KickStart and VisionFund to Bring Affordable Irrigation to African Farmers

Wednesday, March 15, 2017

Farmers in sub-Saharan Africa are set to benefit from a new partnership between World Vision’s microfinance arm, VisionFund International (VisionFund) and non-profit social enterprise, KickStart International (KickStart). The partners have signed a  Memorandum of Understanding (MOU) to provide an integrated solution to enable farmers to access, purchase and implement irrigation systems.  With ambitious targets, the partnership anticipates 100,000 farmers (and 400,000 children) will benefit from greater access to water for their crops over the next five years.

Following a successful pilot in Zambia last year, where close to 3,000 irrigation pumps were financed, the two organisations are working together to provide small-holder farmers with financing for pump ownership in the countries where they work together in sub-Saharan Africa.  Significantly, it is the first time VisionFund has financed irrigation sytems as part of its holistic approach to poverty alleviation.

Farmers can only harvest and sell crops once or twice per year, during rain-fed harvests.  When the rains fail, due to the unpredictable weather linked to climate change, they lose even these crops. While water is available to millions of small scale farmers in shallow wells, rivers and ponds on their farms, they often lack the means and know-how to extract the water and correctly distribute it to their crops.  Currently less than four percent of the farmland in sub-Saharan Africa is irrigated, compared to over 40 percent across Asia[1].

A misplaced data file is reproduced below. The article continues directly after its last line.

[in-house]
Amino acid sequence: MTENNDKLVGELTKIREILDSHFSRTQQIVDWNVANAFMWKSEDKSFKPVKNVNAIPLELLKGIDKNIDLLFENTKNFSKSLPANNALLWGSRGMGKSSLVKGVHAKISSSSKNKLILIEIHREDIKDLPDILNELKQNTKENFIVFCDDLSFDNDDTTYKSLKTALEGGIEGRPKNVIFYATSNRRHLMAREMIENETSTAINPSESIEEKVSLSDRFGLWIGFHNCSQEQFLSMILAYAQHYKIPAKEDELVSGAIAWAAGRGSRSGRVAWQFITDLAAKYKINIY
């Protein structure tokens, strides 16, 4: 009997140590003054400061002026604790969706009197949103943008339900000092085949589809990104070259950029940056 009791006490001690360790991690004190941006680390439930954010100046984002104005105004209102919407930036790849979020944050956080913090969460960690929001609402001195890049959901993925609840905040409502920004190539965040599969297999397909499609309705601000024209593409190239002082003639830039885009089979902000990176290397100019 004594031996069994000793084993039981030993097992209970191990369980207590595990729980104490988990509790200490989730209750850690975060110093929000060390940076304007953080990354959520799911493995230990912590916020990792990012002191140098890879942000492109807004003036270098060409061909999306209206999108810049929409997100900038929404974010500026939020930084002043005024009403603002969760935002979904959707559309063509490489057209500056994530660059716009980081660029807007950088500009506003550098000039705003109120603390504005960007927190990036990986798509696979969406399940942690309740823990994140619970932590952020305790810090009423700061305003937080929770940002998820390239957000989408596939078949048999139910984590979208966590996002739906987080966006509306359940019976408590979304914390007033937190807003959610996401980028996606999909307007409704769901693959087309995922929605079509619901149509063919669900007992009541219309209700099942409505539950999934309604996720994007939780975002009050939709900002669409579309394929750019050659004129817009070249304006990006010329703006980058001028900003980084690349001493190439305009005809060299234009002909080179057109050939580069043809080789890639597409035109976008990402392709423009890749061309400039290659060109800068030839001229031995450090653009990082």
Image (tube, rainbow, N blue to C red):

With irrigation, farmers can harvest crops throughout the year, including  during the long, dry ‘hungry’ seasons. They can feed their families and obtain higher prices for produce. Research by KickStart and others shows that farmers who irrigate increase their yields per acre by an average of 2.5 times and their net annual income per acre by on average three to five times. Additional income is spread across the year and enables farmers to better care for their families and take a major step out of poverty. Multiple studies of farmers using KickStart’s MoneyMaker pumps have found that the increased yields and incomes from irrigating have significant impacts on a family’s food security, health, household gender dynamics, ability to send children to school, purchase new assets and diversify incomes.

Source: Press release (link opens in a new window)

financial inclusion, microfinance